To examine whether planning‐stage fraud risk assessments and audit experience affect the level of professional skepticism displayed by auditors during fieldwork.
The paper presents an experiment using professional auditors.
Overall, auditors predisposed to low fraud risk assessments were less skeptical than those with no knowledge of fraud risk (control group). Also, as expected, auditors in the control group were less skeptical than those predisposed to moderate/high fraud risk assessments. Staff auditors were more skeptical than seniors. Senior auditors showed no differences in skepticism between the control group and high fraud risk assessment group.
Professional skepticism in this study is measured as the auditors’ assessment of client truthfulness. There is reasonable disagreement on the exact meaning of professional skepticism and some readers’ interpretation of the term may be different from the authors' own.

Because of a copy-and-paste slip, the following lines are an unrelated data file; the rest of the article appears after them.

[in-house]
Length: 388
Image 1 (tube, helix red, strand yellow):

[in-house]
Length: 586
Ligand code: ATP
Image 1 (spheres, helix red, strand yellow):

The results suggest a need for audit firms to use ongoing training with regard to professional skepticism and the requirements of SAS No. 99, especially since skepticism appears to decline with increasing audit experience.
The study contributes to auditing literature in the areas of professional skepticism and fraud risk assessment. The overall experience result supports previous studies, but additional insight is gained as to differences in the experience/skepticism relationship at different levels of planning‐stage fraud risk.
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